“Dark Lord: The Rise Of Darth Vader” by James Luceno follows the exploits of the legendary Sith Lord as he hunts down a band of Jedi escaping the fate of their brethren as a result of a regiment of clonetroopers that refuse to implement order 66.
Towards the end of “Return Of The Jedi”, Darth Vader turns on the Emperor and hefts the villain to his fate at the bottom of some kind energy reactor. However, from “Dark Lord: The Rise Of Darth Vader“, readers learn that this was not necessarily the result of a sudden change of heart upon seeing Palpatine hurl lightening from his fingertips at little Luke.
Rather, it slowly unfolds throughout the novel that the relationship Vader has with the Emperor is not that of a worshipful underling but instead that of a resentful sycophant wanting what his superior possesses.
“Star Wars” fans will enjoy seeing the unfolding development of familiar characters rising to prominence in the years between the two trilogies such as Chewbacca, Grand Moff Tarkin, R2D2 and C-3P0. Also of interest to devoted Star Wars fans will be the prominence given to Kashyyyk and the Wookies in the novel’s climax.
Though “Star Wars” is known more for its faced paced action than its more cerebral counterpart “Star Trek“, “Dark Lord” is not without profound reflective moments relevant to the chaotic times in which we live.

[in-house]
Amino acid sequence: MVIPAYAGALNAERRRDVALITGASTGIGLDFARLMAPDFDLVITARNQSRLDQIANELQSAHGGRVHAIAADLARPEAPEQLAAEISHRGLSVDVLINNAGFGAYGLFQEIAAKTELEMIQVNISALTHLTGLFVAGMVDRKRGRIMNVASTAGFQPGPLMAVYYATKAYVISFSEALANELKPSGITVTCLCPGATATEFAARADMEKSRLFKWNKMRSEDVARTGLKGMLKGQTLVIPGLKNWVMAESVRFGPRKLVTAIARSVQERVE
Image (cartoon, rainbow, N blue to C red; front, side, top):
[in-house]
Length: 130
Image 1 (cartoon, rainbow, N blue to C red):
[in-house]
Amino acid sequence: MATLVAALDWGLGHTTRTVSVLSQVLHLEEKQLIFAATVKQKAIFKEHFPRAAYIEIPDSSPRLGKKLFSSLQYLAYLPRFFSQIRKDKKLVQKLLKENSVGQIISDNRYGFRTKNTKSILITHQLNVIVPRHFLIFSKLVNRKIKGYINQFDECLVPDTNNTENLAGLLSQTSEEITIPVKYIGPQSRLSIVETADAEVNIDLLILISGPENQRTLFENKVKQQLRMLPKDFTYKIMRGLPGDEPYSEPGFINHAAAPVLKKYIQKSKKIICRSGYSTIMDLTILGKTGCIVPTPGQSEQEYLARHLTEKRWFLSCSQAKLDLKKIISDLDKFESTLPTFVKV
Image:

In an exchange with Bail Organa of Alderan, Vader muses, “Harmony is the ideal of the New Order, Senator, not dissension.” And in another insightful passage, the text reads, “The ideals of democracy hadn’t been stamped out by Palpatine ... the citizens of countless worlds and star systems, grown weary of the old system, had allowed democracy to die (319).”
Were Darth Vader an actual historical figure, few good people would care what reasons he might invoke to justify his atrocities. However, as a fictional character, the saga of Anakin Skywalker serves as sympathetic warning of how small bad choices have a way of accumulating in such a manner as to ruin the lives of not only those making them but the lives of those around such individuals as well.
by Frederick Meekins